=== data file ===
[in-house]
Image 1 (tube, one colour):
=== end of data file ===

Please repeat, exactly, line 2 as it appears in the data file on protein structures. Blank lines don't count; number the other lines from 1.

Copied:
Image 1 (tube, one colour):